Proceedings of The Physiological Society

University of Manchester (2010) Proc Physiol Soc 19, PC70

Poster Communications

Intracellular Interactions of Superoxide and Nitric Oxide in Skeletal Muscle.

G. K. Sakellariou1, D. Pye1, A. Vasilaki1, L. Zibrik1, J. Palomero1, T. Kabayo1, F. McArdle1, H. Van Remmen2, A. Richardson2, A. McArdle1, M. J. Jackson1

1. School of Clinical Sciences, Pathophysiology Research Unit, Liverpool, United Kingdom. 2. University of Texas, Center at San Antonio and Barshop Institute for Longevity and Aging Studies, San Antonio, Texas, United States.

Superoxide (O2−.) and Nitric Oxide (NO) are the primary species generated within skeletal muscle both at rest and during contractile activity [1]. While further reaction of both species generates secondary reactive oxygen molecules such as hydrogen peroxide and hydroxyl radicals, the reaction of O2−. with NO to form peroxynitrite (ONOO-) during normal muscle metabolism is unknown. To determine the interaction of O2−. and NO, we examined their intracellular activities using fluorescence microscopy in single isolated mature skeletal muscle fibres from SOD1 knockout mice (Sod1−/−) and mice overexpressing the neuronal nitric oxide synthase (nNOSTg) at rest and following a period of contractile activity. Male adult C57Bl/6 Sod1−/− [2], C57Bl/6 nNOSTg mice [3] and control C57Bl/6 wild type (WT) mice were used. Mice were killed by cervical dislocation and the flexor digitorum brevis muscles were dissected. Muscles were incubated in collagenase to isolate single muscle fibres. Fibres were then plated on culture dishes which had been previously coated with collagen and cultured for 24h [4]. Fibres were loaded with 4-Amino-5-Methylamino-2’, 7’-Difluorofluorescein Diacetate (DAF-FM DA) and Dihydroethidium (DHE), intracellular fluorescent probes for the assessment of NO and O2−., respectively. Contractile activity was induced by electrical stimulation [4]. 3-nitrotyrosine (3-NT) in proteins was determined as an indicator of ONOO- formation through western blotting. Data were initially analysed by analysis of variance followed by Tukey post-hoc analysis, statistical significance was set at p<0.05. No increase in DHE oxidation occurred in resting fibres from Sod1-/- mice, but these fibres showed decreased DAF-FM fluorescence indicating a reduced NO content compared with fibres from the WT mice. Muscles from Sod1-/- mice showed increased 3-NT content of carbonic anhydrase III indicating increased ONOO- formation compared with WT mice. During contractions, fibres from WT but not from Sod1-/- mice showed an increase in ethidium fluorescence and DAF-FM fluorescence. Inhibition of nitric oxide synthases using NG-monomethyl-L-arginine did not affect DHE oxidation in fibres from WT or Sod1-/- mice either at rest or during contractions. In contrast, transgenic mice with nNOS overexpression in skeletal muscle had increased DAF-FM fluorescence and reduced DHE oxidation in resting muscle fibres compared with fibres from the WT group. These data indicate that reaction of O2−. with NO to generate ONOO- is a major route for O2−. metabolism in muscles of mice lacking SOD1 and an increase in NO availability reduces O2−. activity in muscle fibres.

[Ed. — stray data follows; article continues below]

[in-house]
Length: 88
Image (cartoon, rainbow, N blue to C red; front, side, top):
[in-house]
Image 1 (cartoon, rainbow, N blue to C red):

Where applicable, experiments conform with Society ethical requirements